Jean Paul, from ZeU Crypto Networks, highlighted the limitations of current blockchain technology, such as scalability and interoperability. Most of the current forms of blockchains face problems of scalability and interoperability due to the mechanism of the distributed ledger technology, which means that processes are lengthier than they should be and different ecosystems may experience problems working together.

ZeU has been working on solutions to this and has released a blockchain patent that paves the way for the next generation of blockchain technology. The company filed a patent for a decentralised transactional communication protocol, which promises to be a breakthrough in the decentralised ledger technology. The New Internet Communication Protocol will enable a smoother transition of legacy systems into the distributed digital economy, or Web 3.0.

The new protocol announced by ZeU marks the chapter of a new era in the distributed ledger technology (DLT) as it aims at total decentralisation and smart contract use cases. Developed by ZeU, the Decentralised Transactional Communication Protocol (DTCP) is a grassroots alternative to tackle DLT-based industry problems such as interoperability and scalability. It enables any number of participants to communicate in a transactional way. Blockchain applications are complex and difficult to understand for developers, so ZeU offers a modular framework for dapps to be built on the ZeU blockchain in an easy and efficient manner as the the new protocol DTCP helps with the interoperability.

“DTCP is a tokenless and blockless scalable economic model to enable the legacy system to offer a smooth transition into the new distributed digital economy,” says Jean Paul Beaudet.

The evolution of digital assets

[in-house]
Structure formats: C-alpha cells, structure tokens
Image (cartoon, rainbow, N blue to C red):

The speakers also discussed the growing role of digital assets and the integration of new technologies into blockchain platform to create improved experiences.

In this respect, Aircoins has been a major force in combining augmented reality with cryptocurrency. It recently partnered with cryptocurrency Dash to distribute the coin in various parts of the world via their Augmented Reality app. This innovative model opens up new engagement forms and improves user experience.

Talking about Aircoins, CEO Emal talked about augmented reality (AR), an increasingly present technology. The Aircoins App is a modern-day treasure hunt that uses 3D and AR/VR technology to ‘capture’ cryptocurrencies with one’s mobile phone. With the app, users can hunt, collect and send cryptocurrencies to one another.

Aircoins’ aim is to bring more people into the cryptocurrency world, and they decided to do so by engaging with the audience in a fun and interactive manner: “There are different ways to work with digital assets and cryptocurrencies. We are doing it with rewards points in augmented reality. AR brings a new memorable, visual experience,” said Emal.

There are plenty of digital channels an organisation can use to reach more people, and digital assets can improve user experience. Josiah gives the example of producing content online and rewarding users with digital assets as a way of interacting with online communities.

Emal highlights the potential in the gaming sector of looking at the value of digital and crypto assets. Gamers are essentially very tech-savvy and are used to handling tokens and virtual money: “Gamers are very inclined towards how the new economy is working,” Emal said. The gaming industry is growing at a fast pace: in 2018, it generated nearly $135 billion in revenue. This value can be unlocked with the use of digital assets, revealing the potential value digital assets could bring to businesses, services and users.

In terms of about the importance of digital assets, the panel noted that increasingly, blockchain technology is playing a role in the tracking and recording of ownership of physical real-world assets, such as documents, contracts, precious objects, and even real estate, effectively digitising them as well. Since blockchains are tamper-resistant, making it impossible to meddle with a record once it’s been broadcast to the network, blockchain is a highly efficient system for proving ownership and authenticity. Blockchain can remove the middlemen and the potential for data tampering at any stage. This means it can also remove any doubt over the authenticity of ownership. Blockchains can be the perfect means for tracking ownership of just about anything from luxury goods to private equity.

Watch the full interview to learn more about internet of blockchains and digital assets, and hear about these innovative projects